The Civil Rights Act of 1964 transformed U.S. society, and its impact is still felt–and debated–today. Join education experts from the Library of Congress to explore the Civil Rights Act of 1964, the conditions that led to it, and its decades-long legacy. This webinar will discuss teaching ideas that allow educators to prompt critical analysis and informed debate by their students around the Civil Rights Act of 1964.
Join us in a webinar
On Tuesday, October 7, at 7 PM ET, staff from the Library will host a webinar that will engage participants in a model primary source analysis, facilitate a discussion about the power of primary sources for teaching about civil rights issues, and demonstrate how to find resources from Library of Congress.
Throughout the year, the Library will be hosting educator webinars every other Tuesday at 7:00 ET focusing on a variety of instructional strategies for using primary sources in instruction. Check out the 2014 schedule and information about joining the webinar. In addition to the webinars, we will be hosting Hangouts with subject matter experts from around the Library. Watch this blog for reminders about upcoming events!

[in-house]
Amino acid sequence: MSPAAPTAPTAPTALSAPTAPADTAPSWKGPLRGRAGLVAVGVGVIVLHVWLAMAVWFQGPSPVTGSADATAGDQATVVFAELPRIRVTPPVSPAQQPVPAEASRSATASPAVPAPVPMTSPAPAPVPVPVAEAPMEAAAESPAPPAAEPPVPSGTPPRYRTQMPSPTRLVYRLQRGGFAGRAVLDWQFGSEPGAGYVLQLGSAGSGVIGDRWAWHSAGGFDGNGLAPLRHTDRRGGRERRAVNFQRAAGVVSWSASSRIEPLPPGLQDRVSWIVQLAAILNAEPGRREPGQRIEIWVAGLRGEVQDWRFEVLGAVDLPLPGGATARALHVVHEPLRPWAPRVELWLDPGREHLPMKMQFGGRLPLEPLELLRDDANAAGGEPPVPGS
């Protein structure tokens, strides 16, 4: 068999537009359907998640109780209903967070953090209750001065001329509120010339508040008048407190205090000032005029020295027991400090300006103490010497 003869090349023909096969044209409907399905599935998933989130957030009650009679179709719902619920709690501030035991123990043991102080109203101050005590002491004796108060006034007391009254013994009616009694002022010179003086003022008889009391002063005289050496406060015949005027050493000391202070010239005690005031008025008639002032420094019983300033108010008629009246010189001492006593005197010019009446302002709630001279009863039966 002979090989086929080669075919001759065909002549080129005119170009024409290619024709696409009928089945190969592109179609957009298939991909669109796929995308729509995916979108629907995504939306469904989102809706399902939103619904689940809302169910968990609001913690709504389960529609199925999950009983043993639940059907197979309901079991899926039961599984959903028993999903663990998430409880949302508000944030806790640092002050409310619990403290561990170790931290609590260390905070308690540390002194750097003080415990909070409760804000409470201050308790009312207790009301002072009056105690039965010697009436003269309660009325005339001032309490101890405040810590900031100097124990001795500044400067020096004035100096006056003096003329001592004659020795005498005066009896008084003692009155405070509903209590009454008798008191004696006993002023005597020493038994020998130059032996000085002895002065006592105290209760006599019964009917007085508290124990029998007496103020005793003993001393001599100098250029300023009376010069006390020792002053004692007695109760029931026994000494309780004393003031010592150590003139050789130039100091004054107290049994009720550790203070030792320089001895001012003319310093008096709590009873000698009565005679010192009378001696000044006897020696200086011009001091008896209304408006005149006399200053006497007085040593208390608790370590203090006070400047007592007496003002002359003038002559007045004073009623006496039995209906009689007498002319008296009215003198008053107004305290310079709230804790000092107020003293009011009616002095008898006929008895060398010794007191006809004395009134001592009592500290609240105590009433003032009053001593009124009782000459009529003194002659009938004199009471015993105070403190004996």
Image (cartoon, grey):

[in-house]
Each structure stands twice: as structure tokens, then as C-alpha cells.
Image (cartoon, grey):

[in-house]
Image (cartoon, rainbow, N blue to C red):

We hope you can join the webinar and share your insights! But for those who can’t join us for the live event or want to review it, the recording will be posted here.
The Teaching with the Library of Congress blog wrote about the significance of the Civil Rights Act of 1964 as well as select titles from the Act:
- The Civil Rights Act of 1964 – Title I: Who Gets to Vote?
- The Civil Rights Act of 1964 – Titles II and III: The Right to Go Where You Want
- The Civil Rights Act of 1964 — Title IV: Equal Education for All
- The Civil Rights Act of 1964 – Title VII: The Freedom to Work
The Civil Rights Act of 1964, the conditions that led to it, and its decades-long legacy are the subjects of a powerful new teaching resource from the Library of Congress and HISTORY®, part of the Idea Book For Educators series titled “The Civil Rights Act of 1964: A Long Struggle for Freedom.” Inspired by the Library of Congress exhibition of the same name, the Idea Book presents unique primary sources from the Library’s collections that illuminate the unjust laws and practices that preceded the act. Much of the content from the blog posts above can also be found in the Idea Book.
The Idea Book is available from HISTORY® here – sign in required for download.